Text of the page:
Data Vis Dispatch, May 24

The best of last week’s big and small data visualizations

Welcome back to the 46th edition of Data Vis Dispatch! Every week, we’ll be publishing a collection of the best small and large data visualizations we find, especially from news organizations — to celebrate data journalism, data visualization, simple charts, elaborate maps, and their creators.

Recurring topics this week include supply chain problems, the war in Ukraine, and student loan debt in the United States.

Last week’s milestone of one million U.S. COVID deaths was hard to grasp on every level. These projects tried to put the number in personal and historical context:

The New York Times: Voices of a Grieving Nation, May 19
USA Today: Pandemic leaves more than a million dead in US and many questions, May 17

Other visualizations looked at the lasting economic effects of the pandemic:

Kontinentalist: How COVID-19 widened Asia’s wealth gap, May 18
Financial Times: Death notices for the city are premature, May 20

In Ukraine, the Russian army has been forced again and again to scale back its military objectives:

The New York Times: Russia’s Shrinking War, May 24
Süddeutsche Zeitung: “Wenn das so weitergeht, ist die russische Armee im Juni mit der Offensivkraft am Ende,” May 18
Bloomberg: Mariupol Has Fallen, May 10

But Russia has won brutal victories too, as in Mariupol, where the last Ukrainian troops surrendered this week:

Le Monde: Le combat russe pour la conquête de Marioupol, ville symbolique et stratégique, May 21
El País: Cómo ha cambiado el mapa de Ucrania en tres meses de guerra, May 22

Evidence of war crimes by Russian troops continues to accumulate:

The New York Times: New Evidence Shows How Russian Soldiers Executed Men in Bucha, May 19
The Economist: Russian forces are killing journalists in Ukraine, May 19

Other countries have responded with unprecedented aid to Ukraine — and by rethinking their own security:

The New York Times: Four Ways to Understand the $54 Billion in U.S. Spending on Ukraine, May 20
The Washington Post: Four maps explain how Sweden and Finland could alter NATO’s security, May 19

Russia is finding ways to keep energy exports flowing despite sanctions:

Zeit Online: Wie russisches Öl über die Weltmeere irrt, May 23
Neue Zürcher Zeitung: So wirkt sich die Embargo-Politik auf die Gas- und Strompreise aus, May 23

But without access to the sea, Ukraine is struggling with its own supply lines:

Le Monde: La carte de la guerre en Ukraine, jour après jour, May 24

Combined with crop-killing heat in India, that means grain prices are likely to stay high:

Spiegel: Die Leute hungern, die Preise steigen, May 21
SBS News: 전쟁보다 ○○○○가 – 식량위기에 더 큰 문제라고?, May 19

In fact, lots of visualizations this week focused on problems in the supply chain:

Financial Times: The truckers who keep our world moving, May 20
Bloomberg: What You Need to Know About the US Baby Formula Shortage, May 17
FiveThirtyEight: We Asked 2,000 Americans About Their Biggest Concern, May 17

As well as other cost-of-living issues like student debt and housing:

Bloomberg: Why Forgiving Student Loan Debt Is So Complicated, May 20
The Washington Post: Who has student loan debt in America?, May 22
The Economist: Housing in America has become much harder to afford, May 23

Other economic charts covered stocks and cryptocurrency:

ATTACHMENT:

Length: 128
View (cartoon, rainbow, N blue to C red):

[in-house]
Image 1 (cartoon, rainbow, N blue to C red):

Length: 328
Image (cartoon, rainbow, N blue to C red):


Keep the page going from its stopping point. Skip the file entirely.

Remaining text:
The Wall Street Journal: Stock Market Is Top-Heavy, but Carnage Is Widespread, May 19
The Economist: Why the crypto crash hit black Americans hard, May 20

In politics, we saw visualizations on white supremacist demonstrations in the U.S. and the election map of Australia:

Financial Times: Buffalo shooting shines light on racist ‘great replacement’ theory, May 19
FiveThirtyEight: The Real Dividing Line On Abortion, May 20
ABC News: The Australian election map has been lying to you, May 19

Two interactive tools let us explore data on taxes in Switzerland and infrastructure spending in the U.S.:

Neue Zürcher Zeitung: Steuerland Schweiz: So hat sich die Steuerbelastung in Ihrer Gemeinde in den letzten 27 Jahren entwickelt, May 24
McKinsey & Company: Bipartisan Infrastructure Law Navigator, May 17

Maps on environmental issues included the Amazon as a net carbon emitter and a record-breaking wildfire in New Mexico:

The Economist: The Brazilian Amazon has been a net carbon emitter since 2016, May 21
Financial Times: Climate graphic of the week: Historic blaze in New Mexico as extreme global weather events rise, May 20
Szabad Europa: Böngéssze végig, honnan jön az energia Európában!, May 23
Shad Frigui: “New Viz. I recreated @priyamisner’s interesting graphic, which shows soil colors by state. (Here’s her work on Observable:….) Recreated it with #VegaLite. No D3; no JavaScript. Just simple JSON syntax,” May 24 (Tweet, Inspiration)

Other visualizations looked at traditional Pacific navigation and public mental health issues:

National Geographic: This woman navigated a 3,000-mile Pacific voyage without maps or technology, May 18
Bloomberg: When Amazon Puts a Warehouse Next Door: ‘We Can’t Escape It,’ May 17
European Data Journalism Network/H-Alter: A luxury called psychotherapy, May 17
Civio: The suicide rate among people in pretrial detention is double that of convicted prisoners, May 17

What else we found interesting

The Washington Post: Cut short, May 19
Le Monde: Cœur de porc dans un corps d’homme : où en est-on des xénogreffes ?, May 17
Süddeutsche Zeitung: Von Menschen und Tieren, May 20
Vox: The many, many costs of breastfeeding, May 17
The Washington Post: Quiz: Do you know the sweaty truth about these common fitness myths?, May 18

Applications are open for…

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